Mercedes-Benz 190SL is First Produced
The Mercedes-Benz 190SL was a two door grand touring convertible with a removable hardtop.
It was produced by Mercedes-Benz between May 1955 and February 1963. A prototype was first shown at the New York Auto Show of 1954.
The 190SL was sold alongside the faster, more expensive Mercedes-Benz 300SL, which it closely resembled both in its styling and in its fully independent suspension, with both cars having double wishbone suspensions at the front and swing axles at the rear. However, the 190SL did not use the 300SL's purpose-built tubular spaceframe W198 platform, but was instead built on the shortened monocoque R121 platform, which was modified from the W121 small saloon platform.
The 190SL was powered by a completely new, slightly oversquare 1.9L straight-four SOHC engine (Type M121 BII), that developed 105 PS (77 kW; 104 hp) (or 120 gross hp) that earned itself a reputation for not running that smoothly mostly due to the difficulty in properly synchronising the twin-choke dual Solex carburetors, and that, in detuned form, was later also used in the W120 180 and W121 190 models. In fact, the four cylinder engine block of the 190SL was based on the six cylinder engine of the 300 SL. The 85 mm bore was transferred unchanged from the larger engine to the smaller, although the stroke for the 190 SL was reduced from 88.0 mm to 83.6 mm.
The car was available either as a soft-top convertible (initially priced at DM 16,500/$ 3,998) or with removable hardtop (DM 17,650/$ 4,295). A nice option to be had was the third-passenger transversal seat that could even fit an adult. In its early life, the 190SL could also be had as a sports-racing model with small perspex windscreen and aluminum doors. In 1959, the hardtop's rear window was enlarged.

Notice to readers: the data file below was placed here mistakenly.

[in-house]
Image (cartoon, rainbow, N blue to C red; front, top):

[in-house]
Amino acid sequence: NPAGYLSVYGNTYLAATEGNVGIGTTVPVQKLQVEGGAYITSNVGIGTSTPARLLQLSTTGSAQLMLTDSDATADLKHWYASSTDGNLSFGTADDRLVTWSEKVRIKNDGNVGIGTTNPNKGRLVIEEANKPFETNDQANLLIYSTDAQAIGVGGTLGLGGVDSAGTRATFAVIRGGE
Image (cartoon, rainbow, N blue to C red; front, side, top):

The 190SL was also referred to as the Nitribitt-Mercedes after the scandal surrounding the murder of the call girl Rosemarie Nitribitt, who owned a 190SL.
Both the 190SL and the 300SL were replaced by the Mercedes-Benz 230SL in 1963.
There's no doubt that Fritz Nallinger and his team held no illusions about the 190SL's lack of performance, which led to 1950s Mercedes-Benz 190SL development. Even though many critical comments were ill-informed, they must have irked engineers like Hans Scherenberg and Karl-Heinz Goschel.
Nonetheless, the corporate parts bin contained sufficient goodies for some potentially exciting alternatives to be built and tested during the mid-1950s.
It was in the engine department where the 190SL was lacking most in their opinion. (The four-cylinder engine was jokingly referred to by the engineers as the Rappelkönig, or "rattle king.") In January 1954, Scherenberg and Goschel were asked to look at new developments.
Goschel, the fuel injection specialist responsible for the 300SL's system, decided to apply some of the technology from the M198 engine to the 190SL. A new engine designation -- M126 -- was given to this research. A completely new cylinder head casting was produced with crossflow porting. High-pressure Bosch mechanical fuel injection and desmodromic valve gear were adapted from the M198 powerplant.